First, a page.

Study: Colleges lack comprehensive writing evaluation for students

Professor Mya Poe of Northeaster University presents her research on assessing students' writing in the Philip E. Austin building on Monday, Oct. 19, 2015. (Jason Jiang/The Daily Campus)

Northeastern University professor Mya Poe shared her most recent findings examining the impact of assessment on students’ writing development and learning Monday afternoon at the Philip E. Austin Building.

Poe, an associate professor of English whose research on writing assessment has been frequently published, is currently working on a book tentatively titled “Intended Consequences: What Students and Statistics Can Tell Us About Writing Assessment.”

After a brief introduction from University of Connecticut English professor Thomas Deans, Poe started her presentation with a bit of history. Harvard introduced the original writing assessment in 1874 as an entrance examination intended to gage incoming students’ proficiency in writing, she said.

“Writing is a complex construct,” Poe said. She observed instructors had developed novel methods for assessing students’ writing skills, but it was unclear what exactly these methods were assessing. 

Poe asked four questions at the beginning of her research, seeking to learn more about students’ histories, personal evaluations, past experiences and changing assessments over a student’s career. 

She used both statistical surveys and personal research to accomplish her research goals. Her surveys found that students of all backgrounds find standardized testing to typically carry more weight than writing assessments in the education system, and also that students consider standardized testing to be more unfair.

Interestingly, grades do not seem to be affected by these students’ thoughts; they remained consistent across both types of assessment.

Poe found that high school assessment strongly informs personal evaluation of one’s own writing skills as they enter college, which concerns her. She implored instructors to work on collegiate placement testing as it relates to writing assessments.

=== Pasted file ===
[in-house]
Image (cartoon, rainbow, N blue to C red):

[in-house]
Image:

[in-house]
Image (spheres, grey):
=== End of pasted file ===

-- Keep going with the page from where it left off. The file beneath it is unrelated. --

Poe also shared details on three personal interviews with students which provided her with valuable information.

One of the students she spoke to was a Chinese student who did not speak English as a primary language. The student was extremely interested in a psychology major, but technical and linguistic struggles with writing served as a deterrent. As a result, the student chose a business major, for which writing was not as important.

Another one of her interviews was with a student who focused on technology, specifically engineering, but did not know how to integrate his admittedly poor writing skills across subjects. Outside stress, combined with this struggle, caused this student to drop out of school.

Through her research, Poe found writing assessment at the beginning of college is lacking, and students who seek feedback often aren’t getting it. She stressed the importance of creating connections – across schools, across classes, across studies – and integrating writing and its assessment into the curriculum more effectively.

She concluded that assessment has a profound effect on students’ writing development and learning. Therefore, innovation in this area is necessary to better educate students throughout their college careers.


Tyler Keating is a staff writer for The Daily Campus. He can be reached via email at tyler.keating@uconn.edu. He tweets@tylerskeating.